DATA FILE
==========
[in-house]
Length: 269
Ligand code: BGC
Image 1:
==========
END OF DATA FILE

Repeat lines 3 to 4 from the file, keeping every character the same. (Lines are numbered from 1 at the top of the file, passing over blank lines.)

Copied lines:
Ligand code: BGC
Image 1: